Exodus 31:15 says the following,
15 ‘Six days work is done, and on the seventh is a Sabbath of rest, set-apart to יהוה. Everyone doing work on the Sabbath day shall certainly be put to death.
QUESTION- is it the “being put to death” part of these commands that we are no longer under? The same as stoning for adultery? It’s the penalty of having to die when you break a command that’s been removed under the death and resurrection of the Messiah?
Am I getting this right or way off?
This is an impressive question. Thank you! Of course, you can probably guess that none of us, no human, knows the "right" answer and so I am going to caveat my response with the disclaimer that this is a complex subject and my answer is most certainly not absolute.
What we do know is that we are under civil authority in the same manner that the Jews were under Roman authority at the time of the 2nd Temple; and the Jews were not allowed capital punishment by YHWH's rules when they were under said Roman law.
We clearly see some potential leniency in our time, as we are under the redemption of the Messiah (Romans 5:8), which is good, because we are not to tolerate such behavior in our God-fearing community. In fact we (the people if we are a community under YHWH) are to RID our communities of such evil (Deuteronomy 13:5, 17:2-12 for example.)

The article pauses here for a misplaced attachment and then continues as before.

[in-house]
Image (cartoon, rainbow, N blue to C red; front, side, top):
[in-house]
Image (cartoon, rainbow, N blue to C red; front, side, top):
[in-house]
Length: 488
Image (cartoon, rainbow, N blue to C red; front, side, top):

As you know, we are commanded to be a "set apart and special" people (the meaning of holy/Kadosh) when YHWH tells us to "be holy for He is holy" (Leviticus 19:2, 20:7, and many other citations). The rules in the Bible for capital punishment are TORAH and we (if we had the authority to live by the governance of Torah) would not have the authority to change YHWH's capital punishments.
So, the answer to the question is this: We are still "under" YHWH's rules of capital punishment, but since we currently live under civil authority, we are obligated to follow the civil authority. Even if we miraculously returned to YHWH's authority, no individual has or will have any authority to carry out any of these capital punishments on their own, as the punishment is to be levied only by the appropriate court, even when under YHWH's authority.
The resurrection of the Messiah did only ONE thing. His blood redeemed us individually for our past sins – and some of those sins may have actually included punishment worthy of death! (His redemption was, in that sense, a fantastic thing!) But once we have received that redemption, we are obligated not to willfully or intentionally sin again (Hebrews 10:26).
The whole issue boils down to that "will" or "intent". If the sin was willfully or intentionally committed, and Torah cites the sin as worthy of death, then we must accept that as our possible fate. Torah amply provides for the difference between an unintentional and an intentional sin. The Messiah's resurrection did not change that.